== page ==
Implausible ambiguities come out of “Possible Lives,” Sandra Gugliotta’s plodding sophomore feature, which exhibits all the hallmarks of new Argentinean cinema’s exploration of a national identity crisis. Constructed to remain open to as many outcomes as the imagination can grasp, pic’s underlying mystery, centered on a man’s disappearance in Patagonia and his wife’s obsession with a possible look-alike, is rendered only marginally thought-provoking, though the very controlled shifts from murky closeups to expansive mountain vistas generate some visual interest. Possible lives yes, but improbable ticket sales.
Geologist Luciano (German Palacios) disappears on his way to a hotel in remote Patagonia. Wife Clara (Ana Celentano), an artist with an air more suited to Buenos Aires than the outback, heads down south to try to get answers, but a police inspector (Guillermo Arengo) holds out little hope of finding anyone in the vast emptiness.
One day Clara sees a man she’s convinced is her husband, but Luis Miconi (also Palacios) has been a resident of those parts for six years — except for an unexplained period when he disappeared. Convinced that Luis, a real estate agent, is her amnesiac husband, Clara spies on him and his wife (Natalia Oreiro), then poses as a prospective home buyer just so she can get closer to the undemonstrative man.
As Clara’s obsession intensifies, she cuts off everyone around her, ignoring calls from sister Elena (Marina Glezer) and attempted communications from the police. Elena’s arrival coincides with the discovery of a car and body in a nearby lake, but Clara’s conviction that Luis and Luciano are the same man means she won’t even entertain other possibilities.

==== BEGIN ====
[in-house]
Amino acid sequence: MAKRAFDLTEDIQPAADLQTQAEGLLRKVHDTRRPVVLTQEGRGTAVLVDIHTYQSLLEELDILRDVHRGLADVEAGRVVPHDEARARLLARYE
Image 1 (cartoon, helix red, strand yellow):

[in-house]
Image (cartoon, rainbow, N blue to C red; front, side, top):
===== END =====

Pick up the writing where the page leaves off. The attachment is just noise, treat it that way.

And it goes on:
Gugliotta’s unwise decision to keep all solutions in play feels more like a screenwriter’s uncertainty than a deep philosophical statement. It’s likely Clara is imagining a resemblance between her husband and the real estate agent, but pic refuses to give answers, and initial scenes of Clara and Luciano together don’t conjure up enough of a sense of a happy couple. Gugliotta would have done well to stick to just one mystery, rather than throwing in additional twists (i.e. shots of Luis’ wife crying in bed, without any explanation).Pic’s most satisfying element is its incorporation of the snow-covered landscape into the mystery. In keeping with a number of recent Argentine films shot in Patagonia, there’s an unsettling sense that the sparsely populated region is a cross between the Bermuda Triangle and a stint in the Foreign Legion — contributing to madness with its promise of complete escape from the civilized capital and its hustle and bustle.
Adding to this feel are Gugliotta’s lensing decisions, which include slightly unsteady handheld closeups that add to the sense of lives off-balance. Panoramas of mountains and lakes are muted (presumably a deliberate choice was made to favor a texturally softened HD), conveying the sense of an imposing, harsh and becalming landscape.